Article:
Google readies banner offerings

Search giant to start allowing advertisers to display animated ads on third-party partner sites--a first for Google.

Stefanie Olsen Staff writer, CNET News
Stefanie Olsen covers technology and science.
Stefanie Olsen
3 min read
Google is taking a big step toward becoming an online banner-advertising network as the market for brand ads heats up.

Beginning Monday, the search giant will start allowing advertisers to display ads that contain animated images on third-party partner sites--a first for Google and a departure from company co-founders' early stance against such Web advertising. (Google itself still shows only text ads on its site.)

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Google will also allow advertisers to designate on which third-party Web sites their ads will appear, whether it's large partner sites like The New York Times or smaller pages.

The move is another first for Google and could resolve a long-standing complaint among advertisers who want more control of how and where they target promotions. Previously Google advertisers could bid only on keywords to appear in text ads on any of hundreds of related sites in its network.

Finally, to take advantage of the program, advertisers must bid for placement on a cost per impression (CPM) basis, as opposed to Google's stock in trade cost-per-click (CPC) search ads.

CPMs are modeled more closely to brand advertising like TV commercials in which marketers pay based on the number of people who see the ad. In contrast, marketers pay only for CPC ads when people click.

"We think highly targeted (display) advertising will work," said Patrick Keane, head of ad sales strategy at Google.

With the move, Google is helping stoke a revival of the online ad network that enjoyed popularity in the late 1990s. At the time, early industry leaders like DoubleClick, 24/7 Media and Engage controlled the ad sales of tens of thousands of publishers' sites, targeting display ads like banners based on specialty categories such as cooking and sports.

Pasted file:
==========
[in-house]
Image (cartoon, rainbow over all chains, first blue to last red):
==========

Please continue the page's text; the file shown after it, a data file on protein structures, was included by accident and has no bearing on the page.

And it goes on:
They also began to target ads to Web surfers' behavior across swathes of pages before the bubble burst. Many of their fortunes faded with the dot-com bust, roughly when cost-efficient search marketing that Google's now famous for began to take hold.

Today, ad networks such as Fastclick and Advertising.com have regained some power of the early networks without the status. Consequently, Google could be a weighty competitive force.

"It's the return of the ad network," said Kevin Lee, president of search engine marketing firm Did-It. "It's a big deal because it puts Google squarely in competition with the graphical banner networks.

"Clearly, this is an attempt to get at brand advertisers."

Google's chief rival, Yahoo, recently said it is gaining steam in the brand advertising business with rich media, video and other forms of display advertising in high demand. Last week, the company reported more than $1 billion in sales of advertising, including brand ads, and company CEO Terry Semel touted its flexibility in selling search or display promotions in the future.

In contrast, Google has long had all its eggs in the search-engine marketing basket. Until now.

Google's program, called Site Targeting, is being introduced in test form on Monday, but will be rolled out to all advertisers in the next two weeks, Keane said. Advertisers will be able to target ads not only but Web site, but also by category, such as wine enthusiasts. Google will target ads by scanning Web pages for their content.

Advertisers must bid a minimum of $2 to reach a thousand people, but they must compete against other promoters for the same inventory, so costs could inflate for popular keywords, Web sites or categories.

Google said that although it is accepting animated ads for the first time, it will have limitations on the promotions. For example, it will not accept blinking ads that continuously loop, popular the Web over.

Regarding Google's early aversion to any kind of animated ad, Keane said: "I wouldn't say that we have antipathy for the kind of advertising on the Internet today. We just want it to be more accountable, and more relevant."